Skin Penetrating Peptide as a Tool to Enhance the Permeation of Heparin through Human Epidermis
This study aimed to identify a new skin penetrating peptide (SPP) able to enhance unfractionated heparin (UFH) permeation through human epidermis by screening a phage display peptide library. The effects of the synthesized heptapeptide (DRTTLTN) on human stratum corneum organization were investigated by ATR-FTIR spectroscopy and molecular dynamics simulation. The DRTTLTN penetration within the human epidermis caused both a fluidization of the stratum corneum lipids and the extension of keratins due to the increase of the contribution of α-helices. The coadministration of DRTTLTN with UFH resulted ineffective in increasing skin penetration due to UFH affinity for keratins. The conjugation of DRTTLTN to UFH by N-(3-(dimethylamino)propyl)-N′-ethylcarbodiimide hydrochloride and sodium N-hydroxysulfosuccinimide led to an increase of the flux of 24–36-fold with respect to raw UFH, depending on the adopted synthetic procedure. The new compounds showed a decrease of the antifactor Xa activity of about 4–5 times. DRTTLTN also permitted to increase the fluxes of small model molecules. In conclusion, these data support the use of SPP to enhance the skin penetration of poorly absorbed compounds even in the case of macromolecules as polysaccharides.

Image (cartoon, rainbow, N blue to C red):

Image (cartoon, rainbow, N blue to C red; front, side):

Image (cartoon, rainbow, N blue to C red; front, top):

Biomacromolecules, 2016, 17 (1), pp 46–55